US 4860392 A
A hydrotherapy tub massage apparatus comprising a mixing chamber provided by the cooperative disposition of the human body with a surface of the hydrotub. Directional water ejectors for air inducting water ejectors are used to direct a stream of water or water and air essentially coplanar with the surface of the tub and into the chamber which is formed by the cooperative disposition of the human body with the surface of the tub. In one version, a flexible fabric is attached near the source of the ejected water or water and air flow so that it is disposed between the fluid flow and the body which is immersed in the hydrotub. The rapidly flowing water causes an undulation of the fabric and the concomitant massage effect is transmitted to the body.
1. A hydrotherapy tub massage apparatus comprising a mixing chamber which is provided by the cooperative disposition of a human body with a nearly vertical surface of said tub and further comprising:
a directional water ejector for directing a stream of water in a flow coplanar to said surface of said tub, said ejector's discharge port attached to said tub proximate the high water line;
a surface of said tub having facility for attaching thereto said ejector so as to allow said coplanar flow with said surface, said tub allowing immersion of a human body and comfortable placement of said body adjacent said flow so as to form said mixing chamber and compelling said flow to move between said body and said surface and to entrain air from above said high water line; and
a flexible fabric attached near the source of said flow which is being ejected from said ejector, said fabric disposed between said body and said flow, whereby water ejecta flowing across said surface entrains air, causes said flow to become turbulent and thereby imparts a rhythmic, undulating movement to said fabric which in turn massages portions of the body placed in said cooperative relationship therewith.
2. The invention of claim 1 wherein said surface further comprises channeling means, said channeling means coextensive with the direction of said flow.
3. The invention of claim 2 wherein channeling means further comprises at least one groove in said surface oriented essentially along the axis of said flow.
4. The invention of claim 2 wherein the surface of said groove undulates so as to disrupt, below said high water line, said coplanar flow.
5. A method of massage for adaptation to a hydrotherapy tub comprising the steps of:
providing a mixing chamber by cooperative disposition of a human body reclining against a seat back rest surface of said tub so that, because of the essentially non-planar human surface juxtaposed the relatively flat planar seat back rest surface of said tub, a chamber may be established therebetween;
directing forcefully a stream of water essentially coplanar with said seat back rest surface into said chamber from above the water line in said tub so that the rapid stream of the directed water flow will entrain air and become a turbulent air-water mixture as it is impelled into said chamber and flows in contact simultaneously with both a human body and the seat back rest surface of the tub; and
interposing a flexible fabric immediately adjacent said body and between said turbulent air-water flow so that the turbulent force of said flow will be communicated to said fabric which, enhances the massaging effect of the apparatus employing said method.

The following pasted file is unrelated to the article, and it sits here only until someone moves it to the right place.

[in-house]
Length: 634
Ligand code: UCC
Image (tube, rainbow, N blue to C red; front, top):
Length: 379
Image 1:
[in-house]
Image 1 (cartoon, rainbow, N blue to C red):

6. In a hydrotherapy tub having a seat back rest surface, a head rest surface immediately above the top of said seat back rest surface, and water recirculating means, the combination of coplanar ejector means comprising a directional water ejector which is comprised of a base disposed on a flat tub surface, water chamber means disposed over said base for confining water therein, said water chamber means having at least one lateral port therein with said port exit plane parallel to said base and disposed coplanar said tub surface, and conduit means into said ejector so that the water is expelled therefrom through said port parallel to and coplanar with said base, said directional water ejector secured to the tub above the normal tub fill level and adjacent to the upper end of the seat back rest surface so as to be disposed in registry below the nape of a user's neck, said ejector positioned to deliver and direct a strong, rapid stream of water in coplanar flow from proximate said head rest surface down the seat back rest surface, and an air jacket disposed on said base and enveloping said water chamber means, said air jacket including an air/water mixing chamber adjacent the lateral port for entraining air into said flow to effect a turbulent stream as the water air mixture moves down said back rest.
7. A hydrotherapy tub of claim 6 in which an elongated channel is disposed in and extends longitudinally of the seat back rest surface to further confine said water by receiving and guiding said coplanar flow of water in coplanar flow lengthwise of the seat back rest surface, in which said water ejector is mounted on the tub at the upper end of the elongated channel immediately below said head rest surface.
This invention relates generally to auxillary equipment for hot tubs and other forms of hydrotherapy appliances and, specifically to a novel water jet unit to be integrally constructed with a hydrotherapy appliance or to be retrofitted to hydrotherapy appliances not so equipped during their production.
Fitting hydrotherapy and hot tub appliances with ordinary water jet units or retrofitting older units, not so equipped, with the water jet devices is well known in the art. During the preparation of this disclosure an extensive search was performed in order to discover the relevant prior art that obtains in this particular field. Pertinent United States patents discovered were: U.S. Pat. Nos. 4,523,340 (Watkins, 1985); 4,546,505 (Wakenshaw, 1985); 4,304,740 (Cernoch, 1981); and 4,383,340 (Braun, Jr, 1983).